Recently, I’ve been listening to Dr. Dre’s latest album, Compton. Now, I know it came out last year but I didn’t like it when I first heard it. It was only until this year that I recognized it for what it is–a great album. It also introduced me to Anderson Paak. When I finally started reading reviews of what other people thought of it, there was a surprisingly amount of people that didn’t like it. And that got me thinking.
I’m currently reading the second volume of Brawl in the Family, which I backed on Kickstarter. I didn’t like the first volume but I loved the webcomic enough to back the hardcover collection. People this past year loved Jurassic World and Star Wars: The Force Awakens although I’m not entirely sure why. Believe it or not, I am going somewhere with this.
Humans are weird. We’ll want more of the same when it comes to our favorite artist, book, movie, comic, etc. Now when they do the exact same thing, we’ll be disappointed as we’ll be like, “They really couldn’t come up with something different?” Yet when they do try something different, we’ll chastise them for it. As Hollywood has recently realized there’s also a middle ground like Jurassic World and The Force Awakens where it’s different but the same.
I think, as an artist, myself. That we grow and evolve. We don’t want to do the same thing over and over. It disappoints me when I see artist do that such as Stephen King, JK Rowling, Orson Scott Card. Those are mega successful people yet even they feel the need to do what they’ve already done. Of course, sometimes when we try something different, people don’t like it. That hurts too. While my Passage of Hellsfire series sells more than my short stories or novella, I feel more excitement when one of those sell over my fantasy series. Might be because those sales are rare.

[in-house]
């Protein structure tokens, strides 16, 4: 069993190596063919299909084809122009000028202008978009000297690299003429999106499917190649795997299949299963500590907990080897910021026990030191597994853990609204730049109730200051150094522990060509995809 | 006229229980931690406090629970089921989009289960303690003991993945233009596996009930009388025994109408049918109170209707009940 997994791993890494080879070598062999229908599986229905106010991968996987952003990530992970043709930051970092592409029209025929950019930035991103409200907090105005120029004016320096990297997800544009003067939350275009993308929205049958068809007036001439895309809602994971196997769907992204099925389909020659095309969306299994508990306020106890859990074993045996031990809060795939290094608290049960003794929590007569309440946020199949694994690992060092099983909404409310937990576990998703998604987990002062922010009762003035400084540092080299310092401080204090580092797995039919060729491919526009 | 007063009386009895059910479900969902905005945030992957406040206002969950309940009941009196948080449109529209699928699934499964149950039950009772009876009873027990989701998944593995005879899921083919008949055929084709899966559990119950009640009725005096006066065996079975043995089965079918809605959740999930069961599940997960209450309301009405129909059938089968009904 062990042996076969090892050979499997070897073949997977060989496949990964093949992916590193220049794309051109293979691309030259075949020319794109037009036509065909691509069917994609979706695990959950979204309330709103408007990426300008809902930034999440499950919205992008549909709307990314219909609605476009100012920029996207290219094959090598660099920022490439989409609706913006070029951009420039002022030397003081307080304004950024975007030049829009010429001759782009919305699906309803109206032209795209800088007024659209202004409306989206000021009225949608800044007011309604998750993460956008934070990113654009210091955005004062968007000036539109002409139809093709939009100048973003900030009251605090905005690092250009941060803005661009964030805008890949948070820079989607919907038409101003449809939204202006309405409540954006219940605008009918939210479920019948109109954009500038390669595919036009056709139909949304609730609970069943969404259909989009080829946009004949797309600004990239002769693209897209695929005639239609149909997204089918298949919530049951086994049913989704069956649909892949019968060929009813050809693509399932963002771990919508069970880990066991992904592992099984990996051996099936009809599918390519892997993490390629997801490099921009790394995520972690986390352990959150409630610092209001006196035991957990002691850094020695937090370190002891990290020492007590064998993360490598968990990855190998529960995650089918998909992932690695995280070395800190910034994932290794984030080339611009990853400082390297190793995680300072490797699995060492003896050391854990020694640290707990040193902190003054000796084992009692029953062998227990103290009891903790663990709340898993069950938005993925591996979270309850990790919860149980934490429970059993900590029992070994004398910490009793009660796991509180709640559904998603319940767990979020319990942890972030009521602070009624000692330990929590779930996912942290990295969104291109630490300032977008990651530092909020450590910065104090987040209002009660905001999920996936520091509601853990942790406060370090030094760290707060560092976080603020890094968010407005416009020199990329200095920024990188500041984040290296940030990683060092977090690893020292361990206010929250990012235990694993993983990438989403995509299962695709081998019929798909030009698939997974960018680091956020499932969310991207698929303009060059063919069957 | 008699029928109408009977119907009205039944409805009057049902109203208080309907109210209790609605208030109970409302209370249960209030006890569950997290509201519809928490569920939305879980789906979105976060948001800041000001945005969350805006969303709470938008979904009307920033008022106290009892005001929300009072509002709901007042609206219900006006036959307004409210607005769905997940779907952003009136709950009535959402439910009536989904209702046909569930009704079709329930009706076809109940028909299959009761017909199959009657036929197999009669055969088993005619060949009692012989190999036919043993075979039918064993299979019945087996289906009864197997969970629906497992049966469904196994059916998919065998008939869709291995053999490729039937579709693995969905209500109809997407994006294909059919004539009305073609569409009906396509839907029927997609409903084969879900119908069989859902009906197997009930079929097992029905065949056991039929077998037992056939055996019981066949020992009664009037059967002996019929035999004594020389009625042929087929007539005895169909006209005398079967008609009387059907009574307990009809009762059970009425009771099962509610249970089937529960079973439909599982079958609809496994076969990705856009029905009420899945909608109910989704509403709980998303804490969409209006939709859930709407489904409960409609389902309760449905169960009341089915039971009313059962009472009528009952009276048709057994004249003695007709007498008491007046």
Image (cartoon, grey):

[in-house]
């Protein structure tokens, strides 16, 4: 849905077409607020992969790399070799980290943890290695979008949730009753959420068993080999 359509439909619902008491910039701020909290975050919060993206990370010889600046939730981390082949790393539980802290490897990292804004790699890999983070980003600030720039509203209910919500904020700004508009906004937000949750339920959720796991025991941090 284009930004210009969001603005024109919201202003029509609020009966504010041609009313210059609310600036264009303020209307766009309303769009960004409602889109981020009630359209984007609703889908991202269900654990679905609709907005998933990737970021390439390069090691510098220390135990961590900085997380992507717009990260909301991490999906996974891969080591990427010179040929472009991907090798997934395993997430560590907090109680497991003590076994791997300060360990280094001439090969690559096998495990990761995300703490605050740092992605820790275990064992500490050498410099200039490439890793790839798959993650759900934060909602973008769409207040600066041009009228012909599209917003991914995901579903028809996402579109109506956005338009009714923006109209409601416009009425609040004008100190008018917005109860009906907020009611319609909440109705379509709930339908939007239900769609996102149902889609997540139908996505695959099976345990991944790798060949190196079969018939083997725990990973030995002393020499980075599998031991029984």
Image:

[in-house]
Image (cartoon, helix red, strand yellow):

You may or may not know this, but I’m a huge fan of Kanye West. Well, what he’s done in music. Listening to his albums, he’s done something different every time. He didn’t do it because he was pressured into it. He changed as a person and his tastes and interests did too. He wanted to experiment. I personally may not have liked everything he’s done but I do respect him for trying it and not being forced into it.
I can’t tell if it’s easier or harder if you release something sooner rather than later. Dr. Dre’s albums were each 7 or more years apart. Kanye’s albums were sooner than that. If you release something sooner and gradually change, the people won’t notice. If you change abruptly years later, they’ll definitely notice.
What do people expect from Dre? He’s a billionaire(?) now. He’s older, wiser, rich, famous, his kids are grown, lives in a different age, people he grew up with are dead, etc. He’s not going to rap about the same things now that he did then. His sound isn’t even going to be the same. I think, for the most part, that’s a good thing.
We became artists because we had something on our minds, souls, and hearts that we had to set free. We don’t want to be confined nor do we want to conform. We want to do our own thing. I enjoy reading/listening/watching an artist not only evolve but get better. Listening to the Chronic now is a little tough because my mindset is different and even back then I wasn’t about that life. Reading the first Brawl in the Family was also very hard, but I loved seeing where he started from and how great he got.
The things we grew up loving change. Sometimes, it’s not for the better, but I believe that most of the time it is. And we ourselves change. The core of us may be the same, but our likes and dislikes, our maturity, our interests, it all changes. We change because of our experiences, because of things we’ve done or not done–of things we wish we could take back. I don’t know if it makes us a better person, but it does make us a different person. And we have to keep on growing, otherwise we’ll be stuck in the same place.